Condé Nast Traveller

Discover Borneo with Nomadic Road, as featured in Condé Nast Traveller by Paul Brady

An unscripted overland expedition to Borneo, organised by Nomadic Road, was an attempt at reassuring explorers of a need to search beyond the regular appeal for adventure.

Perhaps, that's why Paul Brady, a journalist from Conde Nast Traveller, New York, decided to join us in this overlanding adventure across Borneo and experience our self-drive expedition in person.

If you’ve stayed a fan of Pink Floyd, you have had to come across a profound lyric that tells us that all we touch and all we see––is all our lives will ever be. At Nomadic Road, overlanding adventures have implored questions that lead to discoveries––of what lies inside and outside, slowly piecing together an understanding of the indescribable feeling of being one with nature.

We orchestrated a motoring expedition, a nomadic off-road experience, into the oldest rainforest in the world with a small group of explorers, all in search of an adventure that feeds their soul. 

We set out our self-drive expedition through the impenetrable rainforests of Malaysia, crossing the state of Sabah––a place that had remained unexplored by even seasoned travellers before this. 

While trying to make sense of a mystical place through the help of blaring walkie-talkies, we managed to reveal some mint experiences to a menagerie. Nomads on-board made a group of well-travelled individuals that had turned them into gripping storytellers. Sharing their passion to explore, through rugged roads running across rarely spotted canyons and ever rarer flowers, revealed a romantic island.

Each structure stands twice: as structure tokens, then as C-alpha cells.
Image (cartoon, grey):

Our orchestration did not include an unforeseen barrage that diluted the roads into an absolute pulp. Nor did it plan for exceptional moments of watching orangutans swing from tree-to-tree, inviting themselves to breakfast at the table with us. Travelling with Nomadic Road has always been about anticipating the unforeseen moments––where you learn to invent and use a tool, all in the exact moment. We hope to stir an interaction that compels you to look beyond what you already know. Self-drive expeditions are made for exactly that. We hope to keep learning to live as a part of nature, as opposed to separating ourselves from it. It is a tactic every explorer should chisel with each overland expedition. 

Overlanding adventures are thrilling to say the least. But as Paul mentions, an overland expedition to Borneo has given us all some serious bragging rights. After all, it was an experience of firsts––a nomadic off-road leaving us pungent-smelling fruits and rotten smells of gigantic flowers to remember for the rest of our lives. 

If any of this tickles a travelling bone, do read Paul's article on Conde Nast Traveller here.